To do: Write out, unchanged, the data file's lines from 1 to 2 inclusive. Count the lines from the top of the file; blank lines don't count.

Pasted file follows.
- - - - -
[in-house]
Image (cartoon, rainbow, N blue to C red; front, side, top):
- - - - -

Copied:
[in-house]
Image (cartoon, rainbow, N blue to C red; front, side, top):